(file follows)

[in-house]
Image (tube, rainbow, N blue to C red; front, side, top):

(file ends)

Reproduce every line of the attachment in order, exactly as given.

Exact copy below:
[in-house]
Image (tube, rainbow, N blue to C red; front, side, top):